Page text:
Public procurement: negotiating public contracts

Public procurement: negotiating public contracts


Author: Michael Rainey

The public procurement rules are changing. Here, in the first of our series of articles, we look at the changes to the circumstances in which bids can be negotiated and suggest some helpful tips for making bid negotiations work.

On 28 March 2014, the 3 new procurement directives were published in the EU's Official Journal. The UK Government will implement the directives as soon as practicable, potentially before the end of 2014.

The 3 directives cover:
1. public contracts
2. utilities contracts
3. concessions

This article focuses on the public contracts directive.


One of the EU's main objectives in introducing the new directives is to make procurement processes more flexible. A key element of flexibility is the ability of procurers and bidders to negotiate the terms of bids after those bids have been submitted.

Under the current public procurement rules, bids for public contracts may only be negotiated in limited circumstances. But, in consultation on the new directives, interested parties agreed that the ability to negotiate more would be beneficial and would lead to better value for money. In a procurement context, negotiations may relate to the technical offering, the contractual terms, the financial proposals, or a combination of these.

Negotiations under the current rules

The current rules permit bid negotiations under the negotiated procedure and competitive dialogue. But the availability of those procedures is tightly limited to exceptional contracts where "prior overall pricing" is impossible (negotiated procedure) or "particularly complex contracts" (competitive dialogue).

Negotiations under the new directive

The new public contracts directive retains competitive dialogue and introduces a new "competitive procedure with negotiation" to replace the negotiated procedure. Both procedures will be widely available for almost all contracts where a procurer believes that negotiations would be beneficial, for example because there are no suitable "off the shelf" solutions.

The procedures

In practical terms, competitive dialogue remains unchanged in the new directive, subject to some alterations in terminology.

Competitive dialogue is generally unpopular, with a reputation as a complicated and clumsy procedure. So it is likely that procurers will welcome an alternative and that the new competitive procedure with negotiation will be widely used.

The new competitive procedure with negotiation is subject to detailed procedural requirements, unlike the current negotiated procedure. One notable requirement is that remaining bidders must submit "final tenders" for evaluation at the end of the negotiations. Those final tenders cannot be negotiated; the award decision must be made on the basis of what is submitted. One attractive feature of the new procedure is that it allows the procurer to reserve the right to negotiate bids, but does not require negotiations if the procurer considers that it can make an award decision based on the initial bids.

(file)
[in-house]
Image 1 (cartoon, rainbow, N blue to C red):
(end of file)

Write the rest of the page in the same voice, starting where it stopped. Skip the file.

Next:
Making the negotiations work

As negotiations become more usual in procurement processes, procurement guidance and bid strategies will need to be adapted to make the most of the opportunities this will bring. While both procurers and bidders will regularly negotiate contracts and other arrangements as a routine part of commercial operations, negotiations in the context of a public procurement process are slightly different to the norm and should be approached with care and conducted by an appropriately skilled and experienced team.

Where the new competitive procedure with negotiation is used, bidders should ensure that they:

1. Submit their best offer in their initial bid and do not wait for the negotiations to fill gaps in their response or to tailor it to the procurer's specific requirements. The procurer may choose to base its award decision on the initial bids, skipping the negotiations.

2. Do not wait until the end of the process to finalise their offer. If the "final tenders" provisions are applied restrictively, final tenders will need to contain a fully detailed offer, including contract drafting that reflects all the proposals.

Procurers using the new competitive procedure with negotiation should ensure that:

1. The availability of negotiations is not treated as a substitute for pre-procurement market testing and/or pre-bid clarification meetings with bidders. Used correctly, these can reduce the need for lengthy bid negotiations.

2. The procurement process is planned in full before it is commenced. Certain options will need to be preserved in the contract notice, including the right to award a contract based on the initial bids and the option to have staged reductions in the number of bidders.

3. All bidders are treated equally and without discrimination and the process is transparent.

4. Adequate safeguards are implemented to protect confidential information disclosed during the process.

5. They maintain control of the negotiations. It is up to the procurer to determine which aspects of each bid are to be negotiated, or if negotiations are required.

6. There is a clear procedure for documenting the negotiations. This is already good practice, and it will become a legal requirement under the new directive that oral communications with bidders are sufficiently documented.


The wider availability of the new competitive procedure with negotiation will be welcomed by procurers and bidders. Negotiations are a staple feature of commercial life. The opportunity to negotiate bids will give both sides more flexibility, and introduce a much needed dose of commercial reality into the procurement rules. But procurers and bidders should be aware that this flexibility does come with an additional layer of rules with which they will need to comply.